The woman turned back to Barbara. “Besides, you’re the only person out here and an ex-lover was harassing me. I figured that if I was with someone else - ” her voice trailed off. She started to rise. “I’m sorry I disturbed your solitude.”
Barbara placed a hand on the intruder’s arm. “Wait, please. I’m sorry I growled at you.” The woman sat back down. “Is this ex-lover of yours likely to be put off in his pursuit by a woman?” Barbara felt her tense at the question, but there was no hesitation in her response.
“Sarah” she emphasized the name “would consider another woman - acceptable.”
“Acceptable?” Barbara removed her hand from the other’s arm.
“Yes, actually if you were male she would probably take that as, well, as a challenge.” She took a deep breath and plunged ahead. “In case you haven’t figured it out – I’m a lesbian. The person I was running from, Sarah, is an ex-lover who feels I should jump into bed with her now that,” she sighed, “now that I’m no longer attached.”
The irony of the situation was too much. Barbara couldn’t control herself. She started laughing. It began as a soft chuckle and grew to a belly laugh.
“I’m . . . sorry . . . really . . . not laughing . . . at . . . you.”
Barbara’s merriment proved contagious. Soon, the woman was chuckling with her. Their laughter soon subsided and then faded into an awkward silence broken only by the sounds of breathing.
Still trying to catch her breath, the stranger introduced herself. “My name is Judy Langdon.”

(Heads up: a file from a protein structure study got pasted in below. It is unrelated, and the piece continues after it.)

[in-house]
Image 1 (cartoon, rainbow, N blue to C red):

“Hello, Judy Langdon. I’m Barbara Orlock.” She paused and looked in the direction Judy had come from. “Looks like your friend isn’t into pursuit.”
Judy glanced over her shoulder. Smiling at Barbara she said, “Sarah never was one to work for anything. Everything comes easy for her.”
“Yes. I’ve known women like that.”
They sat in silence looking out to sea as the incoming tide brought the waves closer and closer. The sound of the water rushing across the sand and then retreating was a balm for Barbara’s soul. The moonlight on the undulating ocean combined with the smell and sound of the sea created a center of calm in her being.
She felt Judy’s eyes on her. Barbara turned and held Judy’s gaze. “What do you see?” The question elicited a surprised expression from Judy. Shit! What the hell possessed me to ask her that? Of all the things I could have said, why that?
Judy took a deep breath and looked away for a moment. Barbara’s mind catapulted over idea after idea searching for an escape from the inevitable answer.
“Do you really want to know?”
Trying not to look relieved Barbara responded, “No.” She stood and brushed sand from her seat with one hand. She held out her other hand to help Judy up.